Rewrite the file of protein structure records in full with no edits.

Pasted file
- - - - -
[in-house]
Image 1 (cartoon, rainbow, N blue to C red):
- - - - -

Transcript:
[in-house]
Image 1 (cartoon, rainbow, N blue to C red):